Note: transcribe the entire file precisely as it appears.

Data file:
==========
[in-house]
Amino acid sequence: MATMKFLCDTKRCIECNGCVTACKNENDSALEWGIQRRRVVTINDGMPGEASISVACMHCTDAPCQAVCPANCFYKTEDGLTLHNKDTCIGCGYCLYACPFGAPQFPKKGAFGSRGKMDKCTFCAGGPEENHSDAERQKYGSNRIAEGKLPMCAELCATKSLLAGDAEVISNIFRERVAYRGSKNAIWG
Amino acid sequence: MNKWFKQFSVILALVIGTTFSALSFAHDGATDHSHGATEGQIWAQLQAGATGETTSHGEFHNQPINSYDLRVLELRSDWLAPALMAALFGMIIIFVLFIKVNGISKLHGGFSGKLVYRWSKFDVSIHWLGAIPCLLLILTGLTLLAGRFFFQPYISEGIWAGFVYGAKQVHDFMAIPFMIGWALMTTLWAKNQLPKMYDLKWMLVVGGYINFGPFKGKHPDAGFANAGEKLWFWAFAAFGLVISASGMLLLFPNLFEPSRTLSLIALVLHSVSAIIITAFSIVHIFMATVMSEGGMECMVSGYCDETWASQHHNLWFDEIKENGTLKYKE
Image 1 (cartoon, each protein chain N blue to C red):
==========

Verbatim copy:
[in-house]
Amino acid sequence: MATMKFLCDTKRCIECNGCVTACKNENDSALEWGIQRRRVVTINDGMPGEASISVACMHCTDAPCQAVCPANCFYKTEDGLTLHNKDTCIGCGYCLYACPFGAPQFPKKGAFGSRGKMDKCTFCAGGPEENHSDAERQKYGSNRIAEGKLPMCAELCATKSLLAGDAEVISNIFRERVAYRGSKNAIWG
Amino acid sequence: MNKWFKQFSVILALVIGTTFSALSFAHDGATDHSHGATEGQIWAQLQAGATGETTSHGEFHNQPINSYDLRVLELRSDWLAPALMAALFGMIIIFVLFIKVNGISKLHGGFSGKLVYRWSKFDVSIHWLGAIPCLLLILTGLTLLAGRFFFQPYISEGIWAGFVYGAKQVHDFMAIPFMIGWALMTTLWAKNQLPKMYDLKWMLVVGGYINFGPFKGKHPDAGFANAGEKLWFWAFAAFGLVISASGMLLLFPNLFEPSRTLSLIALVLHSVSAIIITAFSIVHIFMATVMSEGGMECMVSGYCDETWASQHHNLWFDEIKENGTLKYKE
Image 1 (cartoon, each protein chain N blue to C red):